How Hong Kong may be working itself sick, and killing productivity
I refer to the August 27 column by Peter Kammerer (“Hong Kong falls behind in equality, poverty reduction and environmental protection – but leads in arrogance”).
Among the many factors mentioned for reduced quality of life, Mr Kammerer noted how the issue of standard working hours, which should be a given, is instead allowed to slide in the face of opposition from the “greedy business community”.
In fact, long hours have come to be ingrained in the Hong Kong working culture. But non-stop activity does not necessarily mean higher productivity. Actually, overwork can not only make us physically sick from chronic stress, but can also undermine our creativity and cognitive abilities. Hongkongers put in the longest overtime hours in Asia, according to a 2015 survey by a global office space provider.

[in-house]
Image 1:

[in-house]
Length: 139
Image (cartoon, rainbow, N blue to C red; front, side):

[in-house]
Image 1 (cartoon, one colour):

For overworked Hongkongers, I suggest “active rest”, a concept I came across in a BBC article last year. “Active rest” does not mean being idle. If we put aside our work when we start to feel tired and allow our brain a moment of “unfocus”, taking a short walk or just leaving our desks, it refreshes our mind and helps us to be more efficient, improving memory and focus.
Successful people such as Warren Buffett and Bill Gates believe in this theory. The key is to have a strong work ethic – but also stay dedicated to rest and play.
Yan Lam, Tseung Kwan O